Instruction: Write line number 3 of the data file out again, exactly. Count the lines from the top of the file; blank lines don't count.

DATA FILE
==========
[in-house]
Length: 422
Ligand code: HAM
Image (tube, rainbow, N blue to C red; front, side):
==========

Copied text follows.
Ligand code: HAM